2019: The ones who left us




Thandekile Buthelezi, 89. Married to former Inkatha Freedom Party (IFP) president Mangosuthu Buthelezi.

Johnny Clegg, 66. Musician who blended Zulu rhythms with Western styles, best known for the song Asimbonanga, about Nelson Mandela in jail.

Sandile Dikeni, 53. Poet, student anti-apartheid activist, arts editor at the Cape Times and political editor at This Day.

John W Fredericks, 73. Author and filmmaker. His book, Skollie, was based on his life experiences and also told in the film, Noem My Skollie.

Donald Gordon, 89. Founder of Liberty Life Association in 1957 and Liberty International and Capital & Counties. His foundation supported numerous local projects and funded the Wits Donald Gordon Medical Centre, as well as the Gordon Institute of Business Science.

Andile Gumbi, 36. Actor in the TV series Isibaya who played Simba in the stage version of The Lion King, which showed in Australia, China, Johannesburg, London’s West End and on Broadway in New York.

Allan Gray, 81. Billionaire, businessman and philanthropist. Founder of Allan Gray Investment Management, the Allan Gray Orbis Foundation, and the Allan and Gill Gray Charitable Trust.

Xolani Gwala, 44. Reporter, news anchor, producer, talk show host and current affairs presenter.

Bavelile Hlongwa, 38. Deputy minister of mineral resources and energy.

Valtyn Kekana, 54, chairperson of the municipal public accounts committee in Mogalakwena municipality, Limpopo, and Ralph Kanyane, 32, ANC branch secretary in the region, were gunned down. Other politically linked killings include: Mthembeni Majola, 39, IFP councillor in Inkosi Langalibalele municipality, KwaZulu-Natal; Jongisethi Phoswa, 59, ANC councillor in the Chris Hani municipality, Eastern Cape; Khayelihle Sithole, 30, IFP councillor of Msinga in Mzinyathi district, KwaZulu-Natal; Martin Sithole, 43, former treasurer of the ANC’s eMalahleni region, Mpumalanga.

Danny Keogh, 71. Actor. A founder member of The Market Theatre in Johannesburg. Best known for his performances in Known Gods and Invictus. Co-wrote the play The Native who Caused all the Trouble.

David Koloane, 81. Internationally recognised award-winning artist and mentor to black artists during and after apartheid.

Hugh Lewin, 79. Writer, journalist and activist, jailed from 1964 to 1971 for his part in the African Resistance Movement sabotage campaign. He left for London on a one-way exit permit, where he worked at The Guardian, the International Defence and Aid Fund and the British Anti-Apartheid Movement.

Raymond Louw, 92. Editor of the Rand Daily Mail for 12 years from 1965, champion of press freedom, for which he won numerous awards locally and internationally, and head of a number of organisations including the Media Defence Trust.

Isaac “Bra Ike” Maphoto, 88. A member of the Luthuli Detachment of Umkhonto weSizwe. Captured by Rhodesian forces in 1968 and sentenced to death. Freed in 1980.

Dorothy Masuka, 83. A “pan-Africanist, vociferous opponent of apartheid, political exile, teen beauty queen and irrepressible grand dame of Southern African jazz” (The Independent), who went into exile in 1961 and returned in 1992 after Nelson Mandela’s release.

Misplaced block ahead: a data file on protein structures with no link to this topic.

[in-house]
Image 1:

Thuliswa Nkabinde-Khawe, 46. Helped establish the South African National Civic Organisation and was the Gauteng social development MEC.

Nomhle Nkonyeni, 77. Awarded with the Order of Ikhamanga for her contribution to the arts. She acted in plays such as Die Swerfjare van Poppie Nongena and in numerous TV shows, including Mzansi.

Zwelonke Sigcawu, 51. King of the amaXhosa.

Christelle Stemmet, 47. Top commercial crimes detective with the Hawks and member of the former Scorpions.

Ben Turok, 92. Outspoken fighter for freedom, equality and social justice, intellectual, economist, contributor to the Freedom Charter, philosopher, engineer, author of 20 books. And more.

Gavin Watson, 71. Chief executive of Bosasa, around which are allegations of state capture and corruption.

Chester Williams, 49. Nicknamed the “Black Pearl”, he played 27 Tests for the Springboks between 1993 and 2000.

James Small, 50. The “bad boy” of rugby played 47 Tests for the Springboks between 1992 and 1997.

Marc Batchelor, 49. The “bad boy” of football played for Kaizer Chiefs and Orlando Pirates. He was shot in the driveway of his home.


(Oupa Bopape/ Gallo_Images/ GettyImages)

Oliver Mtukudzi, 66. Zimbabwean guitarist, singer and songwriter recognised across Africa and abroad. He was known for his lyrics about Zimbabweans’ problems and hopes, and for his style, known as Tuku music. He released 67 albums.

Alicia Alonso, 98. Cuban ballerina who achieved global acclaim and went on to run the National Ballet of Cuba.

Abu Bakr al-Baghdadi, 48. Leader of the Islamic State terror group, assassinated in northern Syria by United States military forces.

Jacques Chirac, 86. President (1995–2007) and prime minister (1974–1976, 1986–1988) of France.

Elijah Cummings, 68. Civil rights leader, Baltimore Democrat and chairperson of the House oversight committee, one of the three committees leading the impeachment inquiry of United States President Donald Trump.

Doris Day, 97. Actress and singer, one of Holllywood’s biggest stars in the 1950s and 1960s.

Patrick Day, 27. American boxer. Died after sustaining a brain injury during his USBA super welterweight title fight in Chicago.